Read more »
International House is showing Hotel on Tuesday. Photo provided
Two-time Academy Award nominee Mike Figgis, who wrote and directed Leaving Las Vegas, is in Philly this week screening two of his films, and both events are totally free. Read more »
Celebrate Carnival at International House on Friday.
FRIDAY, FEBRUARY 24
Carnival Celebration @ International House
Sample Brazilian and Caribbean food and drink, dance to music from DJ King, and watch samba and drumming performances by the Greater Philadelphia Caribbean Cultural Organization Masqueraders and One Nation Ensemble at I-House’s Carnival party.
Blockbuster Broadway @ Kimmel Center
Philly native Hugh Panaro, who played the title role in The Phantom of the Opera on Broadway more than 2,000 times, and fellow Broadway performers Alli Mauzey and Nicole Parker join the Philly Pops for three shows this weekend. David Charles Abell conducts.
Dito & Aeneas: Two Queens One Night @ TLA
Stephanie Blythe, who just starred in Opera Philadelphia’s Tancredi, joins Dito van Reigersberg, aka Martha Graham Cracker, for a one-night-only drag cabaret written and directed by John Jarboe, artistic director of the Bearded Ladies. They’ll be singing a mix of pop songs, opera and classical tunes. Read more »
The Philadelphia Jewish Film Festival is screening Norman, starring Richard Gere, as part of CineMondays.
Throwback Thursday Quizzo & Movie
The Philadelphia Film Society is starting up a new Throwback Thursday series at the Prince Theater. The first Thursday of every month, PFS will host a Quizzo session tied to a “modern classic” movie, followed by a screening of the movie. First up, in honor of Women’s History Month, is A League of Their Own on March 2nd. Read more »
Lisa Hannigan is at Underground Arts on Saturday. Photo by Rich Gilligan
Dave Hause @ Boot & Saddle | Wednesday, February 22
Philadelphia native Dave Hause, of Paint It Black and The Loved Ones, may have relocated to California, but he plans to come back eventually: His third solo album, Bury Me In Philly, came out earlier this month.
Read more »
La La Land is up for 14 awards at the Oscars on Sunday.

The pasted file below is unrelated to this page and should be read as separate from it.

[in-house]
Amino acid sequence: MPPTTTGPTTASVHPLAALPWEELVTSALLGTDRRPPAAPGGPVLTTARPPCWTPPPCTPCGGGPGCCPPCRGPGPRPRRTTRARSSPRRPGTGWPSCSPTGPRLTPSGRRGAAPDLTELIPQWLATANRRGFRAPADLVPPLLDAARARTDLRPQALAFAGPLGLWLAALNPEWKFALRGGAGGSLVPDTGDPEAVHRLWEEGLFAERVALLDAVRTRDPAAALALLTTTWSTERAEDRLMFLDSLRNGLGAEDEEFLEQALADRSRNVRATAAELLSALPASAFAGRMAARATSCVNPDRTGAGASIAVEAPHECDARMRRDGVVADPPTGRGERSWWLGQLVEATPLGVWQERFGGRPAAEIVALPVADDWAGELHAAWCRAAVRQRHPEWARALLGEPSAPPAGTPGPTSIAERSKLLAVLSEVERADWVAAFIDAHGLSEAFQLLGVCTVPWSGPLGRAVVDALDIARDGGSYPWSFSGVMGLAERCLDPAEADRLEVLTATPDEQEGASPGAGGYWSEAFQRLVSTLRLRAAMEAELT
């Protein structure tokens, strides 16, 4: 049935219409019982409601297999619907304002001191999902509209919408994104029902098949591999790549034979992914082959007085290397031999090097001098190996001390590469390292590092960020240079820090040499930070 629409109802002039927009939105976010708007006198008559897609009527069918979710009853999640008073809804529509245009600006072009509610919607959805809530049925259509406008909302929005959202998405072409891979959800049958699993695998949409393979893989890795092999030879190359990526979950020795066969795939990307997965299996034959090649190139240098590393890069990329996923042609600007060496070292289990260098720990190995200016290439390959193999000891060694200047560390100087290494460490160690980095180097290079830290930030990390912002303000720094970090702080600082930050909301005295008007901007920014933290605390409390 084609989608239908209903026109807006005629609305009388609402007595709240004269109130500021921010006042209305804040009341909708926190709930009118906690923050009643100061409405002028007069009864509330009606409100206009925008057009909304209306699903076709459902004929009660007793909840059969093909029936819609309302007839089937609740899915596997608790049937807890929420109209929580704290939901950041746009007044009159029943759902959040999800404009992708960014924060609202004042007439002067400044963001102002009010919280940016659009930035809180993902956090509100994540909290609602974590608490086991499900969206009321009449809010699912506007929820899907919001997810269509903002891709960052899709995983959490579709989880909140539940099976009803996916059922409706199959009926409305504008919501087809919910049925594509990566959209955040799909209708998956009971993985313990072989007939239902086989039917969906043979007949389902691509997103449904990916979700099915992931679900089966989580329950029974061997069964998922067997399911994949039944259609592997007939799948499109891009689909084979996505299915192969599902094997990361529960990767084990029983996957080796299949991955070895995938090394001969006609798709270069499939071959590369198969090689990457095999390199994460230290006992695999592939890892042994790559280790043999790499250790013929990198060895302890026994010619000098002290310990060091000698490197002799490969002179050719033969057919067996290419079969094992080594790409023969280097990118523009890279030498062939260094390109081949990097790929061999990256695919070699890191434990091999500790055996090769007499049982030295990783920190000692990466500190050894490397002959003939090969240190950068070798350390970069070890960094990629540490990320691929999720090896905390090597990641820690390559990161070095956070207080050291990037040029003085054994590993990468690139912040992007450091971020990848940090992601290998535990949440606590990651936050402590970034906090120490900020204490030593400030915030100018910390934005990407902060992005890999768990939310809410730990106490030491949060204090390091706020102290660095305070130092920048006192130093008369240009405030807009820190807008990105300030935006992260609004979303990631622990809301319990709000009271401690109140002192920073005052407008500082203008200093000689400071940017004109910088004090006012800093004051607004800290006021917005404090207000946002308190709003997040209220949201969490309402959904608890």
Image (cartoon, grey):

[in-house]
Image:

The Philadelphia Film Society is rolling out the red carpet for Oscar night, literally. The fourth annual PFS Academy Awards party and screening is this Sunday, February 26th, and it’s a dressy affair. Guests will walk the red carpet at the Prince Theater (1412 Chestnut Street) before heading in to eat, drink, bid in a silent auction, and watch the awards show, which beats sitting on your couch in sweatpants dissecting the designer dresses. Read more »
Hugh Panaro sings with the Philly Pops during the orchestra’s 2014 Christmas Spectacular.
Hugh Panaro played the title role in The Phantom of the Opera on Broadway more than 2,000 times, and somehow he never got tired of it.
“The thing that’s so great to me about theater is it’s a living, breathing organism. The variable that’s always different is the audience,” Panaro says. “There are nights that you might not be feeling well, you might be sick or physically tired, but there were never nights were I was like, ‘oh gosh, I have to do this again.’ I always was excited to do the show, and I think you have to have a certain amount of gratitude, to realize how lucky you are to have this role.”
The Philly native grew up in East Oak Lane and went to Temple before making his Broadway debut as Marius in Les Miserables. When he later joined the Les Miz cast at the Walnut Street Theatre, earning a Barrymore Award in the process, it was as Jean Valjean. But Panaro is best known for The Phantom of the Opera: He’s been cast as both Raoul and the Phantom, the latter on and off over 15 years. Read more »